Monday, March 3, 2014

Iowa. Still a Winnowing Contest. Clinton and everyone else.

The news stories about the 2016 Iowa Democratic caucuses are less deja vu these days than they are like the constant, repetitive backgrounds in cartoon chase scenes. The pattern is pretty clear at this point:
  1. Some combination of Hillary Clinton lost Iowa in 2008 and/or frontrunners often "stumble" there. 
  2. Iowa is terrible at picking nominees/presidents.
  3. A new poll is released showing Clinton up on any and all Democratic challengers.
  4. Wash, rinse, repeat. 
Presumably, this will continue until Iowa in 2016. Maybe the cycle will begin anew for 2020 shortly thereafter.

Mark Z. Baraback has the latest fuel for the fire that powers this perpetual motion machine; cautioning a prospective Clinton campaign about what might lie ahead in the Hawkeye state.  The problem is that there is little caution in there. The problem from a political science perspective is that we're dealing with a small N problem. There are so few observations -- competitive nomination races in the post-reform era (1972 and after) -- that it is difficult to make generalizations in a sea of idiosyncratic presidential election cycles we can chalk up to the dynamics/fundamentals of any given year.

The point is that it is relatively easy to find examples of frontrunners losing (relative to expectations) in Iowa. [That game can be played with New Hampshire too!] Within that group there are two subgroups: 1) those frontrunners who "lose" Iowa and go on to win the nomination and 2) those frontrunners who "lose" in Iowa and lose the nomination. The latter group is fairly limited and often leads to the conclusion in #2 above. [More on that momentarily] There are, though, other groups of cycles that often get short shrift in this discussion. Most people remember recounts in 2000, but understandably forget the two (mostly) cakewalk nomination races that year. Many also fail to include the favorite (regional/state) son phenomenon that hit Iowa in the 1988-1992 period when Gephardt, Dole and Harkin won the caucuses.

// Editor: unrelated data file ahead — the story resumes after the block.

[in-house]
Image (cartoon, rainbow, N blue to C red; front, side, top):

So, there are exceptions. Regardless, frontrunners are typically successful in their quests for nominations no matter if you quantify that -- being a frontrunner -- as a mixture of poll position and funds raised (Mayer) or as a combination of those two and endorsements from party elites/insiders (Cohen, et al).

[And keep in mind that no one in Iowa wants to say that Hillary Clinton is inevitable. As Richard Skinner has noted in response to Peter Hamby's story from Iowa, it hurts their bottom line -- encouraging interest in the (competitive) Iowa caucuses. It is same there as it is in newsrooms where writing "Clinton is inevitable" stories gets old quite fast.]

The logical follow up is to ask why Iowa is first when it is so bad a choosing nominees/presidents. But please don't do that. That's just keeping Fred and Barney running past that doorway and potted plant. Iowa just does not derail front-running candidates with any level of regularity. It tends to winnow the field, leaving the determinative job to some subsequent state or series of state contests. That is the cycle we should be paying attention to.

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